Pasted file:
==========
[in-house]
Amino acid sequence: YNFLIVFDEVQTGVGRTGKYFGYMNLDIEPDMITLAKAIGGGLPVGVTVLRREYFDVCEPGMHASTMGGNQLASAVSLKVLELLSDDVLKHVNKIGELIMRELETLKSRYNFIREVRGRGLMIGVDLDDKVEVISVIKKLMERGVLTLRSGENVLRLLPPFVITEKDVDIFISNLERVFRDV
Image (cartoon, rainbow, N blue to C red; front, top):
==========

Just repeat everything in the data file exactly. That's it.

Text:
[in-house]
Amino acid sequence: YNFLIVFDEVQTGVGRTGKYFGYMNLDIEPDMITLAKAIGGGLPVGVTVLRREYFDVCEPGMHASTMGGNQLASAVSLKVLELLSDDVLKHVNKIGELIMRELETLKSRYNFIREVRGRGLMIGVDLDDKVEVISVIKKLMERGVLTLRSGENVLRLLPPFVITEKDVDIFISNLERVFRDV
Image (cartoon, rainbow, N blue to C red; front, top):